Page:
You would be hard pressed to find a financial adviser who says it's OK to have 85 to 90 percent of your assets in one investment.
But often, this is exactly what business owners do when they have 100 percent of their assets on the line with the company.
Risking personal assets this way may be a necessary evil in the beginning growth stages of a company, but once the dust has cleared, it is a good idea to re-evaluate your net worth and its relation to the net worth of your company.
"In most cases, their (the business owner's) largest asset is their business, and oftentimes, they are looking to diversify and get into new investments," explains Steven Stiffler, director of BC Corporate Strategies Ltd. a financial consulting firm that specializes in middle-market companies. "The owner may have a net worth of $6 million, but $5 million of it is concentrated in this one area. That constitutes a lot of risk -- when the majority of your net worth is at risk in respect to this one business."
Stiffler suggests cashing out a percentage of the business's assets. That can involve taking on outside investors, removing capital and replacing it with different equity sources, or even developing a spin-off venture.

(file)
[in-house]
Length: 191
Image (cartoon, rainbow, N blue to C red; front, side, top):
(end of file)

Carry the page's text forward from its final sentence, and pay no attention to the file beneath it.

The key to a successful cash-out is proper analysis, Stiffler says.
"What is the financial position of the company?" he says. "What are the trends in the industry?"
And, he warns, don't forget to evaluate the ability of the business to generate income and maintain a positive cash flow.
After a cash-out, you don't want to leave the company in a position where it is unable to operate. For example, explains Stiffler, "It would not make sense for an owner to take a big chunk out of the company and then need to buy new equipment."
Instead, analyze the areas within a firm that compete for capital and weigh them against the projection of future cash needs. It's important to leave adequate equity in the business to continue a healthy cash flow.
Stiffler suggests that when in doubt, always remember the golden rule.
"The golden rule is that a closely-held company is the goose that lays the golden egg," he says. "And you don't kill the goose." How to reach: BC Corporate Strategies LTD, 330-497-2000 or www.brunercox.com
Kim Palmer (firstname.lastname@example.org) is managing editor of SBN Magazine.